As you purchase items from your distributors/suppliers/vendors, the costs of these items will fluctuate over time.
There are two ways you can choose to display the cost per unit of your items.
Display the most recent invoice price
Display a weighted average based on the current stock count and what is being added from the invoice
For WISK Bar venues, the most recent invoice price displays by default.
For WISK Restaurant venues, the weighted average is the default. This is because there is typically a higher volume of invoices/orders.
For an example of how these work, please see Pricing Examples below.
Toggling Weighted Average Pricing
To toggle Weighted Average Pricing on or off:
1. On the WISK Web Portal, hover your cursor over your user name on the bottom left and click “Venue Settings”
2. Scroll down on the Venue Settings window and click the checkbox beside “Weighted Average Pricing” to toggle it on or off.
3. If your venue has a lot of historical data, it will need to be recalculated using the new pricing method. If it doesn’t update in a few minutes, you can trigger a manual refresh of your data on the Home / Dashboard page. Scroll to the bottom of the page and click the “Refresh dashboard data” button.
Most Recent Invoice
If pricing is based on the most recent invoice, the cost/unit will update whenever an invoice is added.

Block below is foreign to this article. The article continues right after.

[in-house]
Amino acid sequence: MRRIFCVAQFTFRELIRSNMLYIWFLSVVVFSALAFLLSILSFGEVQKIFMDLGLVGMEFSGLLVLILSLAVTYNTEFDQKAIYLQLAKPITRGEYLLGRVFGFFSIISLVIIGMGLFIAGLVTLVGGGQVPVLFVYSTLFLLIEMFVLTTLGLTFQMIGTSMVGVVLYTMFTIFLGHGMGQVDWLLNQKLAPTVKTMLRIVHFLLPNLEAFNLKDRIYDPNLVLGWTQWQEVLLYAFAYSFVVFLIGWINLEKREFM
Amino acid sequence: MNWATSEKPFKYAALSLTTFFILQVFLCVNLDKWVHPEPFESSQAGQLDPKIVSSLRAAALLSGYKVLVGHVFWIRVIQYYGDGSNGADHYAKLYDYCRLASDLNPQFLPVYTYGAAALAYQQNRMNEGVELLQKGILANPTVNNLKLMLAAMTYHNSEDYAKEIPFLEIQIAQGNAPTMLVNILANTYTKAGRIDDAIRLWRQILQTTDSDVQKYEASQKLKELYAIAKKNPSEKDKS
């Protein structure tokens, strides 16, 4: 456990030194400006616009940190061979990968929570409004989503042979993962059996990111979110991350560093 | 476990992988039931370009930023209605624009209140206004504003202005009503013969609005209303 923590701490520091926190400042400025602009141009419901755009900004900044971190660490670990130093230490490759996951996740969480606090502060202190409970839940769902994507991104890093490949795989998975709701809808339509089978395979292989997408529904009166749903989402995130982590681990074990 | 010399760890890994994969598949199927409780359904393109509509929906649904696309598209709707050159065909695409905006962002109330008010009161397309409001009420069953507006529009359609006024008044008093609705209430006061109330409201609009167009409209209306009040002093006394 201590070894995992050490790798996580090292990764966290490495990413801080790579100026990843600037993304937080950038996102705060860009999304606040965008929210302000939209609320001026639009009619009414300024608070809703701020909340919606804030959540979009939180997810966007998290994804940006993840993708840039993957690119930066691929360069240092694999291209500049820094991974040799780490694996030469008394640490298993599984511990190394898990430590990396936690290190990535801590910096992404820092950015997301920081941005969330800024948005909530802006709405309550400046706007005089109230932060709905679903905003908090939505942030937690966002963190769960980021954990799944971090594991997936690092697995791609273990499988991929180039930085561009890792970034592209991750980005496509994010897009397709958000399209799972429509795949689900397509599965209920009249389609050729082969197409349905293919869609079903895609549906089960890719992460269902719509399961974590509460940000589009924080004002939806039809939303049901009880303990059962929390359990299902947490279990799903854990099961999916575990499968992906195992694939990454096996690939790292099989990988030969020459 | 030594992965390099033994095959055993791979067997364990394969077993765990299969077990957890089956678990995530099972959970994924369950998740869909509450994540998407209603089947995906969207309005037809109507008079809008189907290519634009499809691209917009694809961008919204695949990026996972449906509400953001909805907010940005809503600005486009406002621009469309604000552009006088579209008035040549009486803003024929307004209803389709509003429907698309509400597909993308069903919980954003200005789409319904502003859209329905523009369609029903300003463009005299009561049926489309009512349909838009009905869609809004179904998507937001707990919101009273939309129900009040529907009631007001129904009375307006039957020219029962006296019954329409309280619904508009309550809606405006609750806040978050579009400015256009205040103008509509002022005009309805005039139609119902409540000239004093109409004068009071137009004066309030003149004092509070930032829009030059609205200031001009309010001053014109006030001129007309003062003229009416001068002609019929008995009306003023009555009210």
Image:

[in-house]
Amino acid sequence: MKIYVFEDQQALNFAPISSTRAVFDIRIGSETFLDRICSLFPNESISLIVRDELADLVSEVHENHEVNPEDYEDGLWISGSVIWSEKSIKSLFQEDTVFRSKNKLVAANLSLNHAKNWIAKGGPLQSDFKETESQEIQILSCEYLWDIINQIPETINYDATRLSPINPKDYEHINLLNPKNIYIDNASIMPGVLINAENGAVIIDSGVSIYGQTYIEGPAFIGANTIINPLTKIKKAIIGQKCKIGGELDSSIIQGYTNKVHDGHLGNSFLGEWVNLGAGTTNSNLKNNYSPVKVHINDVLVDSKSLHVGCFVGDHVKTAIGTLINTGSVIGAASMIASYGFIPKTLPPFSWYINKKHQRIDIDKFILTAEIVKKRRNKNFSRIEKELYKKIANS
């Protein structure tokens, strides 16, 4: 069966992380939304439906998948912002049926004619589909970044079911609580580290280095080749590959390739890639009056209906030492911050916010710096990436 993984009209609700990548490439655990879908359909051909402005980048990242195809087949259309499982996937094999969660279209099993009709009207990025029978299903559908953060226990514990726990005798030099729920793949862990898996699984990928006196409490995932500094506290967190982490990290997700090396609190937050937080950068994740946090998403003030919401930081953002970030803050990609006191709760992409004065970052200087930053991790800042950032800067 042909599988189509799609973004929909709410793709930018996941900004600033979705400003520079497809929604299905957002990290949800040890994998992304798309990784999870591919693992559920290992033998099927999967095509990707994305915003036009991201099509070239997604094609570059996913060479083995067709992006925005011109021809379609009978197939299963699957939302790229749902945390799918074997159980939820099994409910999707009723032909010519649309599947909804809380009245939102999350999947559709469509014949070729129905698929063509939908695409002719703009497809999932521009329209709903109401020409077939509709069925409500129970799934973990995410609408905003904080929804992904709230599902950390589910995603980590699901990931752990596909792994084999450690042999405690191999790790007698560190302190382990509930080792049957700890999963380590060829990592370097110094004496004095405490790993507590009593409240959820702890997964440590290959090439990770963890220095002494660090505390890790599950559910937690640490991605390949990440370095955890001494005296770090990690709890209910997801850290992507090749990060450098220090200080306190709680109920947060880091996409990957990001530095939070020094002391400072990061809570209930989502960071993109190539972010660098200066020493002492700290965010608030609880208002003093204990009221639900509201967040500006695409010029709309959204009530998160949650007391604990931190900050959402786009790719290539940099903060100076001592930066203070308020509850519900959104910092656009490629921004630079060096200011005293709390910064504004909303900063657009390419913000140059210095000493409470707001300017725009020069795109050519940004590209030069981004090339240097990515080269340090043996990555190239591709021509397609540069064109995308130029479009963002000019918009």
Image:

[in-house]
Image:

In this example, the cost per unit of the item is currently $10.
We then add an invoice where we received 60 units at $12/unit. The cost per unit then updates to that value.
The updated value is then used in all calculations (costing, consumption, inventory value, etc.).
You can see the price/invoice history by hovering your cursor over the cost per unit and clicking the information icon.
This gives you a breakdown of every invoice added for the item, displaying the date, time, number of units received, and the cost on the invoice. To view an invoice, you can click the “...” button beside it.
If weighted average pricing is selected, the cost per unit of an item will update whenever an invoice is added, and whenever an inventory count is completed.
Let’s look at the same example as above, except this time, weighted average pricing is toggled on. In this case, we begin with 30 units at a cost of $10/unit.
We then add an invoice where we receive 60 units at $12/unit. We now have 90 units, and the cost per unit becomes $11.33.
This is because we have 30 units at $10 ($300) and 60 units at $12 ($720). We take the total value ($1020) and divide it by the total number of units (90) to get the new cost/unit. In this case:
1020 / 90 = $11.33
As the week continues, we sell some of the item, and then take another inventory count. We now have 80 units (10 were used/consumed). After the inventory is submitted, the cost/unit will update based on the principles of First In First Out (FIFO). The cost per unit is now $11.50.
This is because the amount consumed (10 units) is removed from the older stock that we had at $10/unit. As a result, we now have 20 units at $10 ($200) and 60 units at $12 ($720). By taking that total ($920) and dividing it by the total number of units (80), we get:
920 / 80 = $11.50
Theoretically, if we sold more than 30 units that week, the cost per unit would now be $12, since we no longer have any of the older stock on hand.